Lawsuit reveals Pauly D's big 'Jersey Shore' paycheck
"Jersey Shore" star Paul "DJ Pauly D" DelVecchio is being sued by International Creative Management, which claims it is owed a chunk of DelVecchio's "Jersey Shore" pay -- and as the lawsuit points out, that's a boatload of money.
The suit, filed in Los Angeles Superior Court on Thursday, claims that DelVecchio and his company, Blowout Enterprises, entered into a representation agreement in January 2010 -- shortly after "Jersey Shore" premiered on MTV.
Read the full lawsuit here.
According to ICM, the agency negotiated increasingly large fees for DelVecchio as the popularity of "Jersey Shore" ballooned, in exchange for 10 percent of DelVecchio's gross compensation. The suit says that the agreement worked out until season 4 of the show, when DelVecchio stopped paying the commission, the suit alleges.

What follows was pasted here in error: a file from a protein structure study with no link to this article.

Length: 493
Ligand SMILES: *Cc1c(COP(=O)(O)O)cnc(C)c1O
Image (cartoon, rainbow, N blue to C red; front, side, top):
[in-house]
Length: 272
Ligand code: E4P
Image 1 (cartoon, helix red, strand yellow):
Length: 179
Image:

And given the numbers involved, that commission adds up to a pretty penny.
The suit claims that, for Season 4 of "Jersey Shore," Pauly D's compensation was $100,000 for each of the 12 episodes, plus a $400,000 signing bonus, adding up to a cool $1.6 million -- and that's not including compensation for after-shows, a launch special, reunion show, merchandising and other compensation. (According to the complaint, DelVecchio received $200,000 as a "thank you" bonus for Season 4.)
And it gets even richer. ICM claims that for the upcoming Season 6 of "Jersey Shore," DelVecchio will rake in $175,000 for each of 12 episodes -- making for a total of $2.1 million. And again, that's not including after-shows, etc.
A spokeswoman for DelVecchio has not yet responded to TheWrap's request for comment.
The suit says that DelVecchio and ICM parted ways in May 2011, but that ICM is still due a 10 percent commission on any deals it put in play.
According to ICM, DelVecchio owes the agency $370,703.73 in back commission for Seasons 4 and 5, plus 10 percent of whatever DelVecchio takes in from Season 6.
The suit also calls for a written accounting of DelVecchio's compensation, pre-judgment interest, costs of the suit, and "such other and further relief as the Court may deem just and proper."
Pamela Chelin contributed to this report.
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